Elon Musk Cyborg Projects: What to Expect From the Future of Human Enhancement

Elon Musk Cyborg Projects: What to Expect From the Future of Human Enhancement

 

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Elon Musk is a man with big ambitions. The billionaire CEO of Tesla and SpaceX recently launched another company, called Neuralink, with the goal of merging human and artificial intelligence. 


He also plans on launching a venture that can help people merge their minds with computers to achieve a sort of superintelligence that would help us tackle problems like climate change and disease. 


If Musk sounds more like the m*d scientist protagonist of a cyberpunk novel than the head of an automobile and rocket launch company, that’s because he most likely is both those things at once. But this isn’t the first time we’ve seen someone in business give voice to these ideas about merging humans and technology in new ways. This is something that the is yet to be taped into as We’ll take a look at some of the history behind Cyborg thinking and what it might mean for our future.


Info: This post mean no harm and is not written to cause issues of misjudge. 

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Where Does the Idea of Cyborging Come From?


The word “cyborg” itself was coined in 1960 by Manfred Clynes and Nathan Kline, two researchers interested in the medical applications of cybernetics. They thought that the term “robots” had been tainted by pop culture, particularly the image of a man-machine like the Terminator. Cyborg, they thought, evoked a more functional, symbiotic image of human-machine integration. 


Cyborg theories emerged as early as the 1930s, when scientists like Norbert Wiener and John von Neumann began looking at the potential of communication and computation in a new light. 


The ideas about cybernetics and information theory would begin to shape the kinds of technologies that would be developed in the Post World War II era. Cyborg ideas have persisted through time in science fiction literature, film, and video games. 


However, their persistence in the popular culture has also made them something more like “folk knowledge”: Cyborg concepts are now common enough that they are no longer the stuff of sci-fi, but present in our day-to-day lives.


Car space earth spacex and tesla


The Past is Present: Why Cyborg Concepts Are No Longer Sci-Fi


The idea of merging flesh and technology is not something reserved for movies or speculative fiction. In fact, humans have been augmenting their bodies with tools for thousands of years. They’ve been using tools like crutches, canes, hearing aids, and glasses for mobility, communication, and vision long before electricity was even discovered.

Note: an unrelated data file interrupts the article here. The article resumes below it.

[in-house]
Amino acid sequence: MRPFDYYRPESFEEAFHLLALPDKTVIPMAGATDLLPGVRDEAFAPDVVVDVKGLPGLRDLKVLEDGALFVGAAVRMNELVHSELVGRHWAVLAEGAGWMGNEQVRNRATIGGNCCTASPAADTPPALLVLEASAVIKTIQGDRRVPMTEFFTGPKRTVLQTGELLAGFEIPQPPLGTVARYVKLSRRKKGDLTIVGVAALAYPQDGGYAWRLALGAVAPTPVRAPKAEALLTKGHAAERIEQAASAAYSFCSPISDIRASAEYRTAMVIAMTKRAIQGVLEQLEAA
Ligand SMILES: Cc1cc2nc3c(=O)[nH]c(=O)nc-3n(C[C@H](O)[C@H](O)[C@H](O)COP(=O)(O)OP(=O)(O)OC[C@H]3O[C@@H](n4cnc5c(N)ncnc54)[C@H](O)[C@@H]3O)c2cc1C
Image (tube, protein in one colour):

The first pacemaker was implanted in 1958, and the first artificial heart was implanted in 1982. Even the use of computers to assist in mental tasks is a form of cyborg augmentation. 


Neuro feedback is an example that uses computers to read and respond to brainwaves in real time to help users achieve mental states like focus, relaxation, or even lucid dreaming.


Binary program computer gadgets



Musk’s Cyborg Vision: What Could It Be?


Musk’s concept of cyborg-human integration involves the use of a computer chip that could be implanted in the human brain (neural lacing). This chip would allow the user to interface with computers with their brain, thereby opening up a whole new realm of human-machine collaboration. 


Musk’s ambition is to create a machine that merges human intelligence with artificial intelligence to create a superintelligence. That’s where his other company, Neuralink, comes in. Neuralink is a start-up that aims to create a machine that would allow humans to link their brains with artificial intelligence to face down existential risk. 


Also, one of Musk’s stated goals is to create a device that would allow someone to think a phone call and have the call come through just as if they had dialed it manually. Such a device could serve as a sort of interface between human and artificial intelligence.


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Conclusion


Cyborg theory and the concept of cyborging have gained traction in the business world, particularly among ventures that rely on human-machine collaboration like artificial intelligence, adaptive technologies like self-driving cars, (like Musks' Tesla) and even medical devices that are implanted in the human body.(like Musks' Neuralink). 


The continued growth of cyborg theory and its permeation into business and culture seem to indicate that our relationship with technology is headed in an important direction. 


While some might think of cyborg augmentation as a dangerous or undesirable shift, cyborg concepts can also be thought of as a way for humans to evolve into new forms of existence.

photo credits: pexels

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